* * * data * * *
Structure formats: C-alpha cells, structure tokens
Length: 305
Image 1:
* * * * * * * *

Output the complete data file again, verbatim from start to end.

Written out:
Structure formats: C-alpha cells, structure tokens
Length: 305
Image 1: